St. Mary's Law Journal


State legislation criminalizing sexting—the possession or electronic transmission of visual material capturing a minor engaged in sexual conduct—should not punish minors similarly to adults. The Adam Walsh Child Protection and Safety Act of 2006 (Walsh Act) in conjunction with the Sex Offender Registration & Notification Act (SORNA), require that any individual, including a minor, convicted of child pornography register as a sex offender. As a result, states with legislation that categorize sexting as child pornography, will require a minor with a sexting conviction to register as a sex offender. This disportionate punishment on the minor will make it difficult for them to complete future goals such as being accepted into a university or obtaining employment. State legislatures around the country agree that this is an inappropriate penalty, and as a result, new legislation is being drafted to ensure that the punishment is more appropriately suited to the crime. State legislators should pass bills similar to Texas Senate Bill 407. Prior to 2011, a minor convicted in Texas for sexting, faced potential felony charges and was required to register as a sex offender for life. The current legislation, Texas Senate Bill 407, replaced the former sentencing guidelines with the current graduated misdemeanor system. Under the graduated misdemeanor system, a first-time offender will have a Class C misdemeanor charge, a reprimand that will not have life-altering consequences. Texas Senate Bill 407 also allows judges to require parental attendance of the child’s hearing in hopes of increasing parental involvement and future incidents from occurring. To mitigate the potential punishments, Texas attorneys who represent a minor accused of sexting are encouraged to investigate if there was a dating relationship between the victim and their client. Additionally, the defense attorney, in the same proceedings, should research educational programs and their availability.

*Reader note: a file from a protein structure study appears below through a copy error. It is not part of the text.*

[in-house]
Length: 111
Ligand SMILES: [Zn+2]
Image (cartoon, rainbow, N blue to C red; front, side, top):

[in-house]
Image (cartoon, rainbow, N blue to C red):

St. Mary's University School of Law